Casablanca’s humid ocean breeze mixes the sounds of motorbikes, car horns and call to prayer that provides a suitable soundtrack for reflection.
For the past month I’ve been working as the Photo Instructor for Rustic Pathways’ Advanced Photography Workshop in Morocco. I taught photography to a small handful of incredibly thoughtful and motivated high school students with the help of a crew of indispensable Moroccans who guided us around their beautiful country. The trip itself was a fast-paced tour that had us cruising across a large portion of the country to see many of Morocco’s famous sights.
Similar to my time in Ghana (also with Rustic Pathways), I find myself humbled by all the things I don’t know about these far away places I visit. What I enjoy most about traveling is its profound ability to shake me out of simplistic thinking.
What struck me immediately about Morocco is its incredible diversity. The influences of Arab, European, Berber and Sub-Saharan African cultures are visible in the people, language, architecture and a host of other places. Though many see America as the proverbial “melting pot” of cultures, Morocco appears to be a truer example of the phrase. The harmony between the various people groups and cultures is amazing and bizarre, if only because Moroccans seem to think nothing of it. In the US we like to pat ourselves on the back for even the most basic cooperation across ethnic or cultural lines. We also seem unable to shake the demons of our sordid history with various people groups. In Morocco it is a daily performance of understated cooperation regardless of background.
The visual diversity of the country is also incredible. The trip took us from lush coastal cities to the unforgiving heat of the desert before finishing through the winding, red-dusted roads of the Atlas mountain range. Many of the students would fall asleep on the bus only to wake up to an entirely new landscape outside their window.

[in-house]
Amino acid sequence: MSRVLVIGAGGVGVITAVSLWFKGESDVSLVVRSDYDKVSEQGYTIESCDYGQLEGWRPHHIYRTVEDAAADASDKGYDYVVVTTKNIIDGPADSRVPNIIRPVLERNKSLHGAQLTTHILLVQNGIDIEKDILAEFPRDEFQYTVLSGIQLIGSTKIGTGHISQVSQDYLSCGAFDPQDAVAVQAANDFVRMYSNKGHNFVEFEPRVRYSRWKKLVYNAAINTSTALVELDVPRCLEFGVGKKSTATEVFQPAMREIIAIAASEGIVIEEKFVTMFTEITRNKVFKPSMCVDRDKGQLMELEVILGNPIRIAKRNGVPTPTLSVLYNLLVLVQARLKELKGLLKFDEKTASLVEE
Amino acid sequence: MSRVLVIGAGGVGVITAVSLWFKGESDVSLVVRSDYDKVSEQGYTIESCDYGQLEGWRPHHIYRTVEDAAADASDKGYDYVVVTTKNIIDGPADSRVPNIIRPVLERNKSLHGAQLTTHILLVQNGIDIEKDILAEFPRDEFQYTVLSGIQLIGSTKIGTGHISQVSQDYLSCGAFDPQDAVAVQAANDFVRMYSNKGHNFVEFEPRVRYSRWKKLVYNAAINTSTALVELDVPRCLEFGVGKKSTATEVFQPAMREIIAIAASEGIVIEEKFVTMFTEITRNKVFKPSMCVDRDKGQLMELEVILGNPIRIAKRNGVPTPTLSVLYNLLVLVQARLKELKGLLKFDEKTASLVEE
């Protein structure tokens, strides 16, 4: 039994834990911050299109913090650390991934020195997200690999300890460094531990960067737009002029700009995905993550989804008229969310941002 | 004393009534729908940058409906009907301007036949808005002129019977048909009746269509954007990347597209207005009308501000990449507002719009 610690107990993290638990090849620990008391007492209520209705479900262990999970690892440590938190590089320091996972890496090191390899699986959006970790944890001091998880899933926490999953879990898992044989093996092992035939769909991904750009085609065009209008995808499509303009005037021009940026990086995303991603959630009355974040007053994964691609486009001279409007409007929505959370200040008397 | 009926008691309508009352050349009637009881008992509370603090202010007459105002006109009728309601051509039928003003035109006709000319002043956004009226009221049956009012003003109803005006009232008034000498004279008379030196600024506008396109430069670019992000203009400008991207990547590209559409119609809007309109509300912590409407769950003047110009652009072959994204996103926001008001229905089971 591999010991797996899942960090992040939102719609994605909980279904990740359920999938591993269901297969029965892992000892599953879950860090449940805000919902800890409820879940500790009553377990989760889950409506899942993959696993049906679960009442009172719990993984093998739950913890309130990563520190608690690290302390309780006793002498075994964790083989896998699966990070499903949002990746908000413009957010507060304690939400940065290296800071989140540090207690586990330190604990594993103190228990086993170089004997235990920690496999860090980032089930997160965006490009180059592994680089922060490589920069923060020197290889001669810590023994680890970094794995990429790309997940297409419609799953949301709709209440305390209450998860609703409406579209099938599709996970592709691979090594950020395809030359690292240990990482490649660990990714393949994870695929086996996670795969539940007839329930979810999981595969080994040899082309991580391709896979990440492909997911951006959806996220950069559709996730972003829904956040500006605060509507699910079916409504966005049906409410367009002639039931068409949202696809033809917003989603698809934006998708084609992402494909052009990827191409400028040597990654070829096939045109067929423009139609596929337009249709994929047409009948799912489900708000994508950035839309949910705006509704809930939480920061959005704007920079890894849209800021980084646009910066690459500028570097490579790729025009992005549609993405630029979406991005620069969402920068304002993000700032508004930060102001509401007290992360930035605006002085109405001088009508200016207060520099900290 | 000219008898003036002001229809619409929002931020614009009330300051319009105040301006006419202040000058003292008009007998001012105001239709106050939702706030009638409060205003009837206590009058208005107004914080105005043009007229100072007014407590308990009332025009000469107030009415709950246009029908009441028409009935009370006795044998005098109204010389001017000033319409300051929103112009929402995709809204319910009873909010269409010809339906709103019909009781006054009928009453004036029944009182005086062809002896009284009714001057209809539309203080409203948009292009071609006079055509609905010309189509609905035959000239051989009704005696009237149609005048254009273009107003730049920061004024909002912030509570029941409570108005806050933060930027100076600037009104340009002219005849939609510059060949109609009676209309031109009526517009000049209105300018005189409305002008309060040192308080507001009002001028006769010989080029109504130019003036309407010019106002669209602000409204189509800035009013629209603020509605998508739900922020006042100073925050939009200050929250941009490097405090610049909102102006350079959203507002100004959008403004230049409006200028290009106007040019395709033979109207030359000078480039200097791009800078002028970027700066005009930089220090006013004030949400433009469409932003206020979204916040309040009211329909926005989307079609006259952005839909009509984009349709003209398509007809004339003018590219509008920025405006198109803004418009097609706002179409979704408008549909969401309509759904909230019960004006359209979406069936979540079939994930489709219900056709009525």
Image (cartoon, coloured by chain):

As a lover of history, I found myself dumbfounded at several moments by Morocco’s storied history. The region has been populated by some of the same people for millennia, and many of the buildings still standing and in use after 800 years. Staying in homes that are twice the age of the US had me laughing, mostly because of American’s inability to grasp their tiny place in history up to this point. Coming from a country that regularly experiences crises of history, identity and authenticity, it was refreshing to walk the centuries-old streets of Fez and Marrakesh that wind into a complex labyrinth of shops, cafes, tourist traps, mosques, schools and homes. Similar to the nonchalant attitude toward the ethnic diversity of the country, Moroccans appear pleasantly casual about the history of places they visit and use on a daily basis. My most asked question was likely, “How old is this?” And the answer of, “It was built in the 14th Century” was said with dramatic effect similar to, “The sky is blue.”
I will also leave with a much clearer, though more complex, understanding of Islam’s role of shaping—and being shaped by—various cultures. This was my first time spending a significant amount of time in a Muslim country and I’m thankful to Rustic’s local staff for answering my hilariously naive questions.
Finally, I leave Morocco with a slew of once-in-a-lifetime experiences. Most notably I slept under the stars on a sand dune in the middle of the Sahara Desert and heard, for the first time, the sound of absolute silence. It’s an environment I’ll never forget. I also found a new love for mint tea and an inability to eat bread without olive oil. I’m also pretty sure I will be finding sand in my pockets, shoes, hair and under my fingernails for the rest of my life.